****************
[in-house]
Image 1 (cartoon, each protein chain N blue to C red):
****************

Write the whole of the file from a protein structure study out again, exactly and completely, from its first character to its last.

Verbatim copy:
[in-house]
Image 1 (cartoon, each protein chain N blue to C red):